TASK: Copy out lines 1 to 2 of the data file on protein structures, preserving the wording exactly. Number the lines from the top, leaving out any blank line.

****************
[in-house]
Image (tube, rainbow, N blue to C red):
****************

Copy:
[in-house]
Image (tube, rainbow, N blue to C red):